Over millennia money has taken a plethora of forms, emerging from primitive exchanges of minerals, and culminating in the digital abstraction we use today.
The evolution of currency can largely be divided into three phases. These phases may not have occurred in any particular chronological order, as some civilizations developed faster than others, allowing for concurrent use of different currencies across the world.
Tools, Salt and Sea Shells
The most primitive phase, could be defined as the periods with the use of a variety of scarce objects and minerals as currency (which sometimes had intrinsic value, in addition to functional use). The following are a few examples.
Weapons and tools of stone to survive in the wilderness were among the first inventions of man. Since they had value, they were commonly used as a medium of exchange in ancient times.
This practice is known to have gradually evolved, by 1100 B.C. into a system where replicas of tools were exchanged in place of the tools themselves. Thus the practice of abstracting objects of value in order to use them for exchange was born, setting the foundation for the development of future coin based currency.
The story of salt as a store of value spans centuries in time, and continents in space. Salt was not only a commonplace inclusion in human diet, but additionally, was a vital means of food preservation, by as early as 500 A.D. This gave it intrinsic value.
Further, salt extraction was an arduous process, resulting in its scarcity. Many early civilizations on both sides of the Mediterranean and Aegean seas, effectively exploited salt for these characteristics. In the first few centuries A.D. the Roman empire is known to have used salt in addition to their coin currencies, for economic activity, as an article on the online Time magazine explains:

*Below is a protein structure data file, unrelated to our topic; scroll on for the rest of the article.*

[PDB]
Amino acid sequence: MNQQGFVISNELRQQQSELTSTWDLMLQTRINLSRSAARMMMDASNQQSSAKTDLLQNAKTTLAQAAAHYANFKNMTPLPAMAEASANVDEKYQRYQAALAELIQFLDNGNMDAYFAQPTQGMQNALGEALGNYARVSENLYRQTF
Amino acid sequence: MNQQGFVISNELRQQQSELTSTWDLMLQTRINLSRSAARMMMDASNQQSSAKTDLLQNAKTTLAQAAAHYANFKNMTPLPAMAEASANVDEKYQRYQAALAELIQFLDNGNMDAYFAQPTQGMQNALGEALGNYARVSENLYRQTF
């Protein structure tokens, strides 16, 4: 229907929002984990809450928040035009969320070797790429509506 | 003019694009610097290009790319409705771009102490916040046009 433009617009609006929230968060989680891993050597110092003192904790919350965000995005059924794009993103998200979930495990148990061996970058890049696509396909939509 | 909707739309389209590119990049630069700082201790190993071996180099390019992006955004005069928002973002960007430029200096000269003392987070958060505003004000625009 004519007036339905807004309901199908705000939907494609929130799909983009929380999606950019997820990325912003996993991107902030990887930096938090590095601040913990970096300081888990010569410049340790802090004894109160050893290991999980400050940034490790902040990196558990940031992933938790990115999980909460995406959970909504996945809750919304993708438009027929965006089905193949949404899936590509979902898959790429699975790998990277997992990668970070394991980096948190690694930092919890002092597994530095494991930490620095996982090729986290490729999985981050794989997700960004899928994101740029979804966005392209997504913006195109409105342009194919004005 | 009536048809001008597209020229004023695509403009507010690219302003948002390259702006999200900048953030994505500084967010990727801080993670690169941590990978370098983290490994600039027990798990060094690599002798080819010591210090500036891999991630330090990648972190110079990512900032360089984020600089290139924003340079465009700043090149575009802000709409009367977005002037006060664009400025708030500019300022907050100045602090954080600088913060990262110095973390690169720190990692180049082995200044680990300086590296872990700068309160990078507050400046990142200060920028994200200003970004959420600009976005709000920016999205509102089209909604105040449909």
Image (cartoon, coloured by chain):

A soldier’s pay—consisting in part of salt—came to be known as solarium argentum, from which we derive the word salary
Between the 16th and 17th centuries there is evidence for common use of Cowry shells as currency across all of the continents. They mostly existed in concurrence with other currencies within a particular country and were used as a result of revolution or strife. However, their use was short lived as they were disproportionately vulnerable to inflation due to their near abundant natural occurrence.
Precious Metal Phase
The next phase would be the adoption of rare metals as currency, through various denominations of coins. The first use of coin currencies dates back to the gold coins minted in Lydia in 600 B.C. Lydia experienced a ‘golden age’ of growth and expansion following the adoption of coin currency.
At the same time, the Roman empire is known to have used several denominations of coins, based on gold and silver, across the first few centuries A.D. These include the gold Solidus, and the silver Denarius, which also served as the denomination basis for early British money: pounds, shillings and pennies.
Precious metal coins had an appeal across many civilizations because of their deflationary nature arising from scarcity, intrinsic value, and divisibility. The divisibility factor was enhanced by many civilizations through the practice of ‘debasement,’ which involved minting coins with impurities.
Early Gold Money
The final phase which predated fiat currency would be the evolution of bank-notes which often acted as receipts for precious metals stored in banks. As trade across nations and states evolved, and individuals began to amass wealth, the emergence of banks began to change the monetary landscape. Banks would issue a note, signed by their cashier, certifying the ownership of a particular amount of gold, and this note could be exchanged for goods and services, since at any time, it could be traded over the counter for gold.
This was the stepping stone to ‘gold-backed currency,’ which gradually morphed into the floating fiat currency system (no peg) we have today.